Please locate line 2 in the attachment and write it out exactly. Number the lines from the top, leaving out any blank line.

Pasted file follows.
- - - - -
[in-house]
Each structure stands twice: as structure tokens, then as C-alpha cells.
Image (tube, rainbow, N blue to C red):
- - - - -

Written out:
Each structure stands twice: as structure tokens, then as C-alpha cells.